If I'm working a food plot in the warmer weather, I hose myself down with enough OFF Deep Woods to probably give myself some kind of skin cancer(it's better then what chiggers do).

Even a few will make their way through all the defenses, so what to use?  Chigger Relief gets the call, but you'll still be wanting to itch the areas...Don't do it!  You will suffer longer due to the infections!

Here's the link to get this wonder stuff....it works for me and I'd recommend it for anyone!  http://www.chemcraft.net/chigger.html

 

 

Scott (chigger bite!) B



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 Posted: Tue Dec 11th, 2007 05:38 PM
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The_Mountaineer



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100% DEET seems to work the best.



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 Posted: Tue Dec 11th, 2007 09:35 PM
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Charley



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Just remember, before hosing yourself or your kids down continously with DEET, there have a been a couple of fatal exposures documented. The one case I recall was a year or two back in California. Idiot parents ignored the label and blasted their young daughter with high doses of DEET. As we professionals say, "OPPS!"

There is a difference between a theraputic dose and a harmful dose.



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 Posted: Fri May 30th, 2008 12:33 PM
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woodsman777



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lived in east Texas for a while and  we would put two cotton socks together (one inside the other) 

 get sulfur powder fill the bag  and then dust our selves with this set up especially ankles wrists shirt collar ect.(any point of entry, or exposed skin arms legs ect)

might be worth a try ,no harmful chemicals , no bad smell ,dose not spook the wildlife

Last edited on Fri May 30th, 2008 12:34 PM by woodsman777



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 Posted: Sat May 31st, 2008 04:32 AM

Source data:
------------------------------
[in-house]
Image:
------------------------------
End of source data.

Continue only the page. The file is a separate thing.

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SCSlim
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I think the politically correct term for them little critters is "Insect Americans". I hear tell they don't like "the C word".

Don't know much about chiggers, except when I lived in Lithonia, GA for a while, my young cousin asked an interesting philosophical question about their name.

I know that the skeeters out here don't like the old-style GI camo grease paint. They'll land on it but then take right off again without biting. Probably plugs up their snouts, or else they don't like shaking it off their feet after they step in it.

Last edited on Sat May 31st, 2008 04:33 AM by SCSlim



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 Posted: Sun Mar 6th, 2011 01:16 AM
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dlm37015
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avon skin so soft works better than anything i have ever used



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 Posted: Sun Mar 6th, 2011 01:54 AM
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Aussie Mick



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Now dont laugh, but for mosquito's (both the Aedies Egypti, Anopholes) I have found Listerine mouth wash, splashed liberally around where you are fishing to be extremely effective around mangrove swamps.

Another thing is eucalyptus oil, mixed with lanolin or your choice of "base grease" to be effective too.

We dont have chiggers here though, so I hope this works for you .....

Are these what you are referring to?

A common species of harvest mite in Northern America is Trombicula alfreddugesi .